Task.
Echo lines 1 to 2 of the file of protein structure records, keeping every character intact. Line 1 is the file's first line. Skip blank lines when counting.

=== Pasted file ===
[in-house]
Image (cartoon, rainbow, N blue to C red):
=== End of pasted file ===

[in-house]
Image (cartoon, rainbow, N blue to C red):